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The porphyrin handbook - Kadish K.M.

Kadish K.M. The porphyrin handbook - Academic press, 2000. - 368 p.
Download (direct link): kadishsmishgulilard2000.djvu
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size. Sapphyrin with a core size of roughly
5.5 A diameter is well suited for the binding of the central moiety about
the size of fluoride with strong hydrogen-bonding interactions. The
response order by the sapphyrin-based electrode is F- > Br" > Cl-
indicating that the sapphyrin-based electrode is more selective for
fluoride than chloride and bromide. The potentiometric discriminations of
cis/trans geometrical (maleate over fumarate) and positional (phthalate
over isophtalate and terephtalate)
isomers of dicarboxylate by the expanded porphyrin-based electrodes was
observed. The liquid-membrane electrodes based on sapphyrin, rubyrin and
triphenylrosarin respond to chloroacetates. The selectivity sequences for
the three electrodes are the same: trichloroacetates > dichloroace-tates
> chloroacetates.
Generally, the protonation of expanded porphyrins at the surface of
the electrode membrane is a prerequisite for accommodating the guest
anions and yielding their potential response. The electrodes strongly
respond to benzoates, but rather less to inorganic anions and saturated
aliphatic organic carboxylates. The selectivity sequences for the
sapphyrin-based electrodes were found in some cases to deviate from the
Hofmeister series. Fluoride preference over chloride and bromide is
particularly noted.
A. PREPARATION OF PORPHYRIN-BASED POTENTIOMETRIC SENSORS FOR
ANIONS
The solvent polymeric membranes used for EMF measurements typically
consisted of 1 wt.% metalloporphyrin, 33 wt. % poly-(vinyl chloride)
(PVC) and 66 wt % plasticizer (dibutylsebacate). If the porphyrin complex
central metal oxidation state was (+ 2) or (+ 4), addition of lipophilic
cationic sites or anionic sites respectively was required to achieve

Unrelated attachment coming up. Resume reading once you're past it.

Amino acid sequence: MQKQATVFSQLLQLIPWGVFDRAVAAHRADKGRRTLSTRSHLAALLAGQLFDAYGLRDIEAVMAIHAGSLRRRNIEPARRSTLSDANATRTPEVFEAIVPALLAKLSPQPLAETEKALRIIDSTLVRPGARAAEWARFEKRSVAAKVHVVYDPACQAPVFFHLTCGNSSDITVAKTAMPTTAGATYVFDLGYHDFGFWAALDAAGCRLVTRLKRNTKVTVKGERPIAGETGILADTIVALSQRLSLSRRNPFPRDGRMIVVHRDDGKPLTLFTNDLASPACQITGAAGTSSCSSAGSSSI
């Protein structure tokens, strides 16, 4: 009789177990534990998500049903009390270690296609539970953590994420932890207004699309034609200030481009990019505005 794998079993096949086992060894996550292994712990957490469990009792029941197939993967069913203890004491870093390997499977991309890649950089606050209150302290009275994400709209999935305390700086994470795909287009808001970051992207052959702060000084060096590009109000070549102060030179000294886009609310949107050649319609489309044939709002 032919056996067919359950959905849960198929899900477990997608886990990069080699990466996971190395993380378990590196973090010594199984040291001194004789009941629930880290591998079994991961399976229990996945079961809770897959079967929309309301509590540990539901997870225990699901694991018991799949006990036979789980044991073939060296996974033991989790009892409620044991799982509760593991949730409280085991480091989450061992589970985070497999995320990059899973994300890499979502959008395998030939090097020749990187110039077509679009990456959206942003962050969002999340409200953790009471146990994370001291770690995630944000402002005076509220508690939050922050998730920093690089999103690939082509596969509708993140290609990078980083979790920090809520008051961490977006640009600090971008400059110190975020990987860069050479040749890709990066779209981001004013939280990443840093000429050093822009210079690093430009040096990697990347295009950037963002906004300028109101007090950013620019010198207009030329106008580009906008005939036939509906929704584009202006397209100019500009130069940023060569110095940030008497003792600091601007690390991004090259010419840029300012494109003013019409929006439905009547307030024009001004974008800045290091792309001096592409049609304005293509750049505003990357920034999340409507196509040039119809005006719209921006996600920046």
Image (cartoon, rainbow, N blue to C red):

optimal anion response and selectivity. Tridodecyl-methylammonium cation
(TDMAC) or tetrakis[bis (3,5-trifluoromethyl) phenyl] anion (at a
concentration 10-20% mol relative to the metalloporphyrin) are used for
this purpose. The total weight of the components varies according to the
desired membrane thickness (typically 150-250 jxm) and diameter (7-10
mm).
The mixture of metalloporphyrin, PVC and plasticizer is dissolved in
tetrahydrofuran (THF) and transferred into a glass ring placed on a glass
plate. The ring is covered by a second glass plate, leaving a small space
between the ring and the plate. Thus, a slow evaporation of
tetrahydrofuran is achieved, which takes 24-48 hours. Disks are cut out
of the parent membrane and mounted into Phillips electrode bodies.
The inner filling solution for the sensors is usually 0.01 M NaCl,
which is also used to condition the potentiometric sensors.
Electrochemical potential is measured with the following galvanic cell:
Ag/AgCl/bridge electrolyte/sample solution/ion-selective membrane/inner
filling solution/ AgCl/Ag. A high impedance pH-mV meter is used to
measure the electrochemical potential. Selectivity coefficients are
evaluated by the matched potential method (also known as method of mixed
solutions), or via the separate solution method.
In the matched potential method, the potentiometric selectivity
coefficient K$>y is defined as the ratio of the concentrations of the
primary (x) and interfering ions (y), which give the same potential
change under the same condition, that is, under a fixed concentration of
the primary ion as a background. In the separate solution method,
selectivity coefficients K?y are calculated using the cell EMF values
obtained in 0.01 M solutions of both interfering anions (y) and the
primary ion (x).
44 / Porphyrin-Based Electrochemical Sensors
253
The potentiometric sensors are calibrated by measuring the potential
at various concentrations (c) of analyte. The slope of the plotted
potential vs log should have been 59.2mV/per decade for Nerstian
response of the sensor. However, some of the porphyrin-based
potentiometric sensors show sub-Nerstian response or super-Nerstian
response (slope lower or higher than -59.2 mV/per decade, respectively).
It was suggested that the porphyrin may have insufficient lipophilicity
to produce long-lived, stable sensors.96 So, the potential drift of
membranes prepared with metalloporphyrins has to be evaluated over
several days. During the first 10 minutes a relatively large drift of
potential at a rate of 13-36 mV/h is usually observed. This was followed
by a drift in the opposite direction of - 3 to -5 mV/h for 1 -6 hours.
After this initial period, electrodes exhibited a more modest drift of +
0.2 mV/h. The potential drift for porphyrin sensors is about five- to ten
fold higher than valinomycin-based membranes. This indicated that
porphyrin-based potentiometric sensors require more frequent calibration.
The source of the drift is not clear, although no evidence for leaching
of the metalloporphyrin from PVC membranes is observed in aqueous media.
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